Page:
Hospital staff are scared to speak out and hospitals fear rising negligence claims. We need to match a new duty of openness with the introduction of “no fault compensation”, says Frank Dobson
When I became health secretary in 1997, I brought to the job my earlier experience of working for the local government ombudsman. That experience was backed up by what I was told when I met the parents whose babies had died before I set up the public inquiry into the Bristol heart surgery scandal.
‘I understand and have some sympathy with junior staff who may still feel cowed into keeping quiet’
So I was convinced that the best way to respond when anything goes wrong is to admit it straight away, to apologise, to try to make sure it doesn’t happen again and to spell out what happened so others can learn from your mistakes.
I believed very strongly in having an effective complaints system so I kept community health councils. I also concluded that whatever the system of regulation, it is the attitudes and performance of the people at the sharp end and their managers that makes all the difference.
But I also observed that many people were afraid to speak out in case their bosses responded badly and both they and their managers were inhibited by the threat, real or imagined, of claims for compensation.
So I got the law changed to give protection for the first time to whistleblowers and also to make hospital boards responsible, for the first time, for the quality of care. I started work on national service frameworks to set standards that should apply in every part of the country and established the Commission for Health Improvement to check on those standards and advise on how best to achieve them.
Two different societies
To my profound disappointment, none of this proved up to the task of preventing the dreadful problems which arose at Mid Staffordshire Foundation Trust.
Despite having given legal protection to whistleblowers, I understand and have some sympathy with junior staff who may still feel cowed into keeping quiet. But I really feel that professional integrity requires senior clinicians and managers to speak out where wrongdoing is harming patients.
‘We could end up with some hospitals where the doctors are outnumbered by ambulance-chasing lawyers’
However, when it comes to the fear of negligence claims, we have to recognise that we have been asking doctors and nurses to live in two different societies − one inside the hospital, the other on the outside.
In hospital they are expected to “come clean” immediately if anything happens. Yet if they have a car accident on their way home from hospital, their insurer expects them to behave like the rest of us and deny all liability.
I welcome the Francis report’s proposal to replace the right to whistle blow with a duty to whistle blow, and to place a legal duty on all concerned, including management, always to be open, transparent and candid with patients, relatives, staff, other parts of the NHS and the public.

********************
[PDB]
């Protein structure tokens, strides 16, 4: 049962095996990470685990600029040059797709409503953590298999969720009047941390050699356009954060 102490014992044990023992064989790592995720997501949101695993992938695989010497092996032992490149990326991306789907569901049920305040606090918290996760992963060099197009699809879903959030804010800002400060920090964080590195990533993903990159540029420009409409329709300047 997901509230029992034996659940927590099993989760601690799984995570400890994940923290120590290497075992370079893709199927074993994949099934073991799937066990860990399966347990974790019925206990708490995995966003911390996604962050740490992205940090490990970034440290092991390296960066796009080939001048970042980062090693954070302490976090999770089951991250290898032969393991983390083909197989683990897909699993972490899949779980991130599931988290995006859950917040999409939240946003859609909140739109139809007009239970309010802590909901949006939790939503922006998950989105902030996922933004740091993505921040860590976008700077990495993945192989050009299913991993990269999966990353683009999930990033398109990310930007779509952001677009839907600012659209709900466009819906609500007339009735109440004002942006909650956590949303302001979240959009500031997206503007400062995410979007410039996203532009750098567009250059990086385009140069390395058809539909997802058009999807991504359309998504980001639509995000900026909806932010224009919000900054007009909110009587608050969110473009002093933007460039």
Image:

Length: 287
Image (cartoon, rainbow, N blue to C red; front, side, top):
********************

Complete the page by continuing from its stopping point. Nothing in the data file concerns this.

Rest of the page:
It may seem draconian but it’s really a protection for all concerned. Of course this change, like all of Robert Francis’ proposals which are implemented, must apply to all NHS providers whether in hospital, community or primary care; in-house or franchised out.
However, we must recognise that we live in a compensation culture where “coming clean” could lead to a massive increase in claims for negligence or breach of human rights.
I believe very strongly that we need to match a new duty of openness with the introduction of “no fault compensation”. If we don’t, we could end up with some hospitals where the doctors are outnumbered by ambulance-chasing lawyers. The situation is bad enough already.
In 2011-12, the NHS Litigation Authority paid out £1.2bn in damages and fees. But that pales into insignificance compared with its estimate in the same year that future liabilities totalled no less than £16.7bn. That is partly because the settlements assume the patient will go private in future, even if free NHS care is available.
‘Management consultants and accountants have a tenuous grip on the real world and some of their measures of efficiency harm patients’
I’d rather see money on this scale devoted to improving patient care before anything goes wrong rather than paid out afterwards. In particular there needs to be a recognition that nurse staffing levels must reflect the extra time and attention that they need to give to older, poor or disabled patients compared with better-off, younger patients with the same condition.
Of course that would be denounced by management consultants and accountants as a reduction in productivity, which only demonstrates their tenuous grip on the real world and that some of their measures of efficiency actually harm patients.
The Whittington Hospital which serves my constituency is one of the top hospitals for patient safety. Yet it is under pressure to reduce its nursing staff ratio and costs to some national “norm” in order to qualify for foundation trust status.
I’m only a simple soul, but isn’t it just possible that having more and better paid nurses may have something to do with the Whittington being exceptionally safe for patients?
Frank Dobson is Labour MP for Holborn and St Pancras and was secretary of state for health in 1997-99